In the case of the Labour and National donations, the loophole is simply that our donations regime is based on a “high trust model” in which authorities expect parties and donors to follow the rules. There is no policing of these rules as no authority is charged or resourced to monitor what is happening. Instead, the public only learns about dodgy donations when there is a whistleblower. One of the basic foundations of our democracy, that political power isn’t for sale, should not have to rely on the development of a guilty conscience or a desire for revenge inside a political party.
Governments continue to play catchup with piecemeal and poor reform
Governments often regard the reform of political finance as simplistic when in reality it’s always much more complicated than they expect. Furthermore, wealthy donors and party fundraisers will always try to find ways to get around the rules. Academic scholars of this regulation compare the money given to politicians by the wealthy to underground spring water trying to get to the surface – we can try to block secret money from getting through, but there is a strong hydraulic nature that pushes it through, and once authorities dam up one outlet, the water finds its way up through another leak. The problem should not be underestimated.
Hence there is no place for complacency about money and politics. And yet that’s been the official setting for many years. And authorities often come up with quick fixes to try and stem the latest discovered loophole. But inevitably there are then unintended consequences arising from those simplistic fixes, sometimes making matters worse or driving the political money through a different loophole.
The ultimate example of this was the Helen Clark Labour Government’s Electoral Finance Act 2008, which caused more problems than it sought to fix. Labour themselves voted to repeal the hated legislation, which had been rushed into power without proper scrutiny or care.
Governments continue to play catchup with political finance reform, and are obviously not motivated to have a proper investigation into how to run the system of money and politics – it might threaten their own interests. Working groups are put together, normally without proper scope to examine the problems, and fixes are inevitably put forward that avoid some of the big problems and the public is yet again assuaged that there is no corruption in New Zealand.
Government using a self-serving reform process
There’s also the problem that fixes are often also used to either improve the financial position of the parties in power, or to hurt opponents. Furthermore, reform can sometimes involve a cartel of parties in Parliament who increase their own financial advantage with new rules that also seek to disadvantage fledgling or outside parties trying to break into Parliament.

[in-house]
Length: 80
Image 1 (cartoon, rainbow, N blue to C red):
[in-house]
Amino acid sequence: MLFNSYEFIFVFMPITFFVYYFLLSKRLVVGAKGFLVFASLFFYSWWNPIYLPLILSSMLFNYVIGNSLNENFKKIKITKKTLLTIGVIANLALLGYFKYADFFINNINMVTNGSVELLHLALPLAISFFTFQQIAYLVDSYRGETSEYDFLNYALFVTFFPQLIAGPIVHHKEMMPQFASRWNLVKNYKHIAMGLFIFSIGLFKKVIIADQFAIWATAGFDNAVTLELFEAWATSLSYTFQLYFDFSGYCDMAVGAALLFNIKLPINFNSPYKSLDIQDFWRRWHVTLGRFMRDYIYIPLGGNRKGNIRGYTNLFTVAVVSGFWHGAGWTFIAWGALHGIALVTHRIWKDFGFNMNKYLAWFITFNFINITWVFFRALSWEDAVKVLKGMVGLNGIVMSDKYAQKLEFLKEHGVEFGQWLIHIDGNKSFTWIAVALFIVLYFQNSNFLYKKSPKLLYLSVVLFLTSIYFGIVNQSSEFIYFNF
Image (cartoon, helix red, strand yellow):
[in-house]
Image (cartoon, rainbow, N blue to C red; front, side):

Self-interest is therefore the major flaw to watch for in the design of donations reform. Already, the National and Act parties have argued that Labour’s latest proposals to lower the threshold for disclosure of donations are designed to hurt opponents and favour the incumbents themselves. Of course, this argument probably also reflects the self-interest of the parties of the right.
Nonetheless, it’s never a good look in this area of reform for changes to donation rules to look like it’s being a partisan football game. This reduces public confidence in the changes, and also threatens to make them less enduring. When such laws are made on a partisan basis, and often without much consultation with the public or opponents it discourages consensus – which is highly desirable when working on the rules of democracy.
We need donations reform processes that are more removed from self-interested politicians. This is a good point made yesterday by an editorial in the Otago Daily Times which suggests a Royal Commission, and points to inadequacies in the Government’s plans for an independent panel to propose reform. Without a more rigorous and truly independent mechanism for donations reform, the newspaper warns that “we are left with piecemeal changes to the law designed to convince the populace that something is happening even if that something is not much.”
Nonetheless, the most pressing issue is that the Government needs to properly close the “NZ First Foundation loophole”. There now needs to be pressure applied on the Government so that they don’t carry this out in a way that makes the problem even worse.
The other risk is that in closing this one loophole, the Government gets to declare that the problems are mostly fixed, and the public might too easily believe that the problems identified in the current high court trial have also been dealt with.
There will be a temptation for the parties currently in the dock – Labour and National – to simply patch up the hole that the NZ First verdict has revealed, tweak a few donation thresholds and tick box forms and declare the problem fixed. Until a proper process is set up by a government that takes money in politics seriously, then we have no right to be complacent about corruption in this country.